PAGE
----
Oil company maps – North America – Sn-Sz (except Standard)

The Southland Oil Corporation operated in the southeastern U. S. and marketed under the SOC brand. This 1963 map used a Rand McNally generic cover.
During the early Sixties, Southland Oil Corporation was acquired by Signal Oil and Gas; note the similarity between the map covers of Signal's west coast Hancock-Norwalk-Regal operation as well as Billups, which operated in the same south central region as did SOC.
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Sovereign was a branding used by independent dealers in the midwest. Stations meeting specified standards were eligible to use the Sovereign brand and were supported by the franchise program's marketing activities. The Sovereign program lasted between the Thirties and Fifties, by which time most of the participants had adopted their own brands for marketing.
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Speedway started out as a Michigan-based refiner/marketer. By the time this 1961 map had been issued, the company had been purchased by Ohio-based Marathon. The Speedway brand was replaced by Marathon in 1962 but was to be resurrected thirteen years later by Marathon for use at its fuel-only retail locations (i.e., stations without service bays and the like). As Marathon moved into the convenience store market, the Speedway name was adopted for petroleum sales at those stores. A once-dormant brand name has now become one of the powerhouses in the convenience store industry.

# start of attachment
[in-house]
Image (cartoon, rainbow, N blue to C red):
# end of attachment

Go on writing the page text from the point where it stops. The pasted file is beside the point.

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Spur Distributing was based in Nashville, Tennessee and was started during the Twenties as a trackside retailer. By the Fifties, Spur had expanded to serve a number of states. This map was issued in 1953.
Murphy Oil Company was a long time oil producer and exploration company that decided to enter petroleum retailing in the late Fifties. The company first acquired Illinois-based River States in 1957, then Spur Distributing in 1960, and Ingram in 1961. In 1962, Murphy adopted the Spur name and a new oval and spur logo to replace all the predecessor brands. The company's widespread` marketing region can be seen on this early Sixties map.
Star was a regional marketer based in Centralia, Illinois that is still in existence. This map bears a rubber stamp from Carlisle, Illinois, which is in the company's "home turf" in south central Illinois.
This map was issued in 1954 by the Farmers Union State Exchange, a cooperative association based in Omaha, Nebraska.
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Sterling was the brand used by the Quaker State company to market gasoline in New York, Pennsylvania, Ohio, and West Virginia. For similar reasons to Pennzoil's choice of the Pennzip name as their gasoline brand, Quaker State chose the Sterling brand for their gasoline marketing. Sterling stations were rebranded to the Quaker State name around 1960.
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The Sun Oil Company was founded in Philadelphia in 1890. Beginning in 1920, Sun started retail marketing in the Northeast with a modest presence in Chicago and in the south. This beautifully-colored map was issued in 1932.